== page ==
Everybody loves the idea of a secret garden, but I’m not exactly sure what one is. What makes a garden secret? How is that different from private? My husband says ours is almost a secret garden because it’s in back and passers-by don’t realize we have such a profusion of flowers and wildlife back here. That’s about to change, though. My October project was digging up a new bed in front. I imagined a relatively formal border of native plants beside our driveway, something like this.
My bed ended up being…different. Shorter. I ordered plants from the Missouri Prairie Foundation’s September 17 native plant sale at the Anita Gorman Discovery Center. Here is what I ordered.
Yes, I did put them into a spreadsheet. Several vendors were selling at the sale, but this time I ordered everything from Missouri Wildflowers Nursery.
After I picked up my order, I spread the plants out on my porch to get an idea of what they’d look like. They’re small now but won’t stay that way.
Here comes the how-to portion of the post. This article from Fine Gardening does a good job describing some basic ways to prepare a new bed: digging, tilling, smothering, and spraying. Basically, I’m just going to repeat what it says.
Digging (slicing and loosening) is what I did. It’s the fastest way to prepare a new bed, but it’s hard work. Before you start, water the area. (This tip proved invaluable. I wouldn’t have been able to dig up anything if I hadn’t done this, it’s been so dry.) Using a flat shovel or pitchfork, slice around the perimeter of a rectangle about 12 inches wide by 24 inches. Then slice horizontally with the shovel blade. Peel back the grass and dust off what dirt you can. Then lift out the strips of sod. You might be able to use them in another spot.
This method is fast—it took a couple hours—and it’s chemical-free. However, it is strenuous work.
I don’t know much about tilling, but the Fine Gardening article lists these pros and cons:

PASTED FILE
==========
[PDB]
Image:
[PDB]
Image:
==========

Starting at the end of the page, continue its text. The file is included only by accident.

|Pros: Retains organic matter; is quicker and easier than digging; permits immediate planting||Cons: Is difficult on rocky sites and in wet or clay soils; turns up weed seeds; propagates certain weeds|
Smothering could mean soil solarization, or simply covering the area with something to block the light. Soil solarization involves covering the ground with clear plastic. This traps heat from the sun, and can kill pathogens in the soil. However, the plastic must remain in place for four to six weeks, and the process needs to happen during a hot time of year. The location must be in full sun.
If killing turf is your main concern, not killing pathogens, try smothering the spot with cardboard, newspaper, a tarp, or even thick layer of mulch. I understand that layering on leaves or grass clippings can be helpful for areas with thin topsoil or clay. This is a long process: the turf may take six to eight weeks to die.
Spraying with glyphosate, the active ingredient in RoundUp, could be useful for large areas, but I’m determined to avoid using herbicides and so far haven’t been tempted. After spraying, the turf still needs about a week to die.
The next part of the process was the most unusual, for me.
The cleared area was a couple inches lower than the surrounding lawn. My wonderful, plant-loving neighbor Carole was moving, and gave me a wheelbarrow full of compost before she left. Composting is advanced gardening to me. I haven’t gotten the hang of it. I’ve dabbled with the idea; I have a bin full of debris that should be turning to compost, but isn’t. I’m not interested enough to investigate, plus I’m trying to follow a “know maintenance” approach, working with existing soil and conditions. And no bark mulch.
In this case, I needed a little something, so I filled the depression with my friend’s compost. It needed to be sieved, and she also warned it might have seeds and other things, but I didn’t listen carefully, I was too busy pushing clods through a piece of hardware cloth. I tossed out a few potatoes and pieces of plastic bags and spread it over my new bed.
Voilà. I made an edge out of some pavers I found lying around, put in the plants, watered once a day for a while, and it’s done. The plants are still small but I’m seeing little leaves, so I think at least some of them have taken root. I do have lots of weeds, though, little sprouts of I don’t know what. The seeds must have been in the compost. But it’s not too difficult to pluck them out.
And that’s the story of my October planting I predict that I will regret placing the plants so close together. Also, the area is not a border, just a plot. But it’s a start. Next year I’d like to create a bed like this post’s featured image—along the street, beneath a tree, complete with a rock—but with natives. Small ones. I will try smothering. I have plenty of time.
By the time you read this, we’ll have had our first hard freeze, and although temperatures will climb back into the eighties on Friday and Saturday, I didn’t do anything to save my plants in pots. No covering them with sheets or dragging them inside. I’m just letting them die. We’ve had a good run. It’s a shame about the dahlias because some are just getting going.
Oh, all right. I’ll bring them in. Later in the week we’ll have a few days of warmer weather, so maybe we can coax them into final flower.